Patterson High School, located near the city’s 1-million-square-foot Amazon.com fulfillment center, got an early jump on training future warehouse workers when it started its supply chain and distribution program in 2014.
Students get hands-on experience fulfilling orders for First Book, a nonprofit company that provides books and learning materials to children from low-income families.
When the program first began, it operated from a breezeway the school enclosed.
In early February, students showed off the program’s new 10,000-square-foot building and the equipment they’re learning to use, including forklifts and a small-scale robot.
“We went from really a nothing program — I mean, we just had a classroom — to this. I’m very happy with the progress,” said Patterson School District Superintendent Phil Alfano. “Now that we have all the components in place and all the equipment, we’ll be able to produce much higher skilled employees.”
The promise of a better skilled workforce has prompted companies such as Amazon, CVS, Granger and Restoration Hardware to partner with the school district to provide equipment. Granger donated money to get the program up and running.
The companies have also agreed to hire some of the program’s graduates. Amazon, for example, agreed to hire 10 graduates a year, but now says it would like to hire more.
“The nice thing about that agreement is typically Amazon hires on a temp-to-perm basis,” said the program’s head, Jeff Rowe. “Our graduates actually go right into permanent employment.”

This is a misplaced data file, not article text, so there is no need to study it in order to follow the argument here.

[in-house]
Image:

Sixty students will graduate this spring, with 70 more in the pipeline, Rowe said. At least a third of the students are girls.
The school’s warehouse is run like a business with students receiving books, taking orders, packing boxes and double-checking work.
They also train with forklifts and a robotic arm.
“The robotic trainers are a small-scale version of the actual giant robot arms that Amazon has,” Rowe said. “So, our students can learn how to program those and operate those and have a leg up going to Amazon and applying for jobs there.”
In mid-January, Patterson High School also began a truck driver training program to help respond to the demand for drivers in the Valley. In December, there were 440 truck driving jobs advertised online in Stanislaus County.
In partnership with the tomato-processing company, Morning Star, candidates learn rules and regulations. Then, they move on to gaining experience with the two truck-driving simulators Patterson High School purchased with a state grant that covered the $142,000 cost.
The school also has a tractor-trailer in the parking lot so students can learn how to conduct pre-trip inspections.
Morning Star provides behind-the-wheel training. Students can also take their driving test with Morning Star because the company is certified by the DMV. If candidates pass the driving test, Morning Star will hire them for the summer packing season.
“It’s a great deal because we don’t have to do the behind the wheel driving. Morning Star takes care of that,” Rowe said. “And Morning Star needs the drivers just like every other company does, so it’s good for them. And it’s great for our students because they’re guaranteed a job.”
The first class has six adult students who attend in the evening. The cost for students to take the class is covered by a state grant.